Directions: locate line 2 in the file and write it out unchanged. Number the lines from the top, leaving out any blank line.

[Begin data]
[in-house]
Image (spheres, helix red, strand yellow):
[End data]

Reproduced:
Image (spheres, helix red, strand yellow):